IMAGEIntegrated Model to Assess the Global Environment.

Policy interventions and components overview

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Policy interventions are implemented in a model component (mostly one). The result of this implementation affects other model components. Each component contains a Policy intervention Table on its 'Policy issues' page describing the effects of policy interventions. Use the link in the 'Affects components' column to navigate to the components Policy issues page, (*) denotes the implementing component.

Policy interventionDescriptionAffects component
Agricultural trade policies Changes in agricultural trade policies are applied to the corresponding quota (export or import quota) or border taxes.
Apply emission and energy intensity standards Apply emission intensity standards for e.g. cars (gCO2/km), power plants (gCO2/kWh) or appliances (kWh/hour).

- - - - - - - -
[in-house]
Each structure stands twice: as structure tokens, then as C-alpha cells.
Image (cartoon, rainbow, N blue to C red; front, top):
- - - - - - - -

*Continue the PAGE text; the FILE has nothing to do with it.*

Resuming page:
Avoiding deforestation Here comes description
Capacity targets It is possible to prescribe the shares of renewables, CCS technology, nuclear power and other forms of generation capacity. This measure influences the amount of capacity installed of the technology chosen.
Carbon tax A tax on carbon leads to higher prices for carbon intensive fuels (such as fossil fuels), making low-carbon alternatives more attractive.
Change in grazing intensity Change in grazing intensity, usually more intensive. This would require better management of grasslands, including for example the use of grass-clover mixtures and fertilisers, bringing the length of the grazing season in tune with the period of grass production, and rotations.
Change market shares of fuel types Exogenously set the market shares of certain fuel types. This can be done for specific analyses or scenarios to explore the broader implications of increasing the use of, for instance, biofuels, electricity or hydrogen and reflects the impact of fuel targets.
Change the use of electricity and hydrogen It is possible to promote the use of electricity and hydrogen at the end-use level.